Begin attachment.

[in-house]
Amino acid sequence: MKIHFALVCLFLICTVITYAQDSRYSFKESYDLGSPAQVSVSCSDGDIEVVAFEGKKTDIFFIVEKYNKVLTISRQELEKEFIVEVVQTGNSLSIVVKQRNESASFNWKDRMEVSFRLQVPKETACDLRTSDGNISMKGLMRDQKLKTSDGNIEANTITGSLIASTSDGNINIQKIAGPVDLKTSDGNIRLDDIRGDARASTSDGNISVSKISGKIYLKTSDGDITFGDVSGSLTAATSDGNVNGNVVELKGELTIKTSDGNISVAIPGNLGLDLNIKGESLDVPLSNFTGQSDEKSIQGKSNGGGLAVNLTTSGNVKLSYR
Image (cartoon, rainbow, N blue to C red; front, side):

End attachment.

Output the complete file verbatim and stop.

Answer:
[in-house]
Amino acid sequence: MKIHFALVCLFLICTVITYAQDSRYSFKESYDLGSPAQVSVSCSDGDIEVVAFEGKKTDIFFIVEKYNKVLTISRQELEKEFIVEVVQTGNSLSIVVKQRNESASFNWKDRMEVSFRLQVPKETACDLRTSDGNISMKGLMRDQKLKTSDGNIEANTITGSLIASTSDGNINIQKIAGPVDLKTSDGNIRLDDIRGDARASTSDGNISVSKISGKIYLKTSDGDITFGDVSGSLTAATSDGNVNGNVVELKGELTIKTSDGNISVAIPGNLGLDLNIKGESLDVPLSNFTGQSDEKSIQGKSNGGGLAVNLTTSGNVKLSYR
Image (cartoon, rainbow, N blue to C red; front, side):